Energy production is dependent upon water: it uses huge quantities to extract and
process fuel sources, like coal and natural gas, and to generate electricity at
hydro power plants.
Thermoelectric power generation alone accounts for almost 50 percent of water withdrawals in the United States—over 200 billion gallons per day—and coal mining and natural gas processing together use over 500 million gallons per day.
Water use in energy production also affects water quality (e.g., high-temperature water discharge from thermal power plants and wastewater created by coal and natural gas extraction and processing). Because of these high-volume, high-impact water uses, nearly all stages of energy production are regulated to protect source water quality and supply.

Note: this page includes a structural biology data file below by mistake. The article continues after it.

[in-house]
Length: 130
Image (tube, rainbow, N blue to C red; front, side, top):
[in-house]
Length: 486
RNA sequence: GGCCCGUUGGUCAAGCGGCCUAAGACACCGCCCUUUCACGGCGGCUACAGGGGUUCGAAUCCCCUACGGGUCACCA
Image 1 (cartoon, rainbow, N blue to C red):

This conference will examine several issues affecting the use of water in energy production, from fuel source extraction to electricity generation. Panelists will discuss the impacts of recently proposed and finalized regulatory changes, including EPA’s proposed definition of the “Waters of the United States” and its October 2014 cooling water intake rule.
Panelists will also examine how climate change is expected to affect water supply and its impact on energy industries, and how developers and environmental regulators are addressing issues in managing water use in shale gas development.
The keynote speakers are: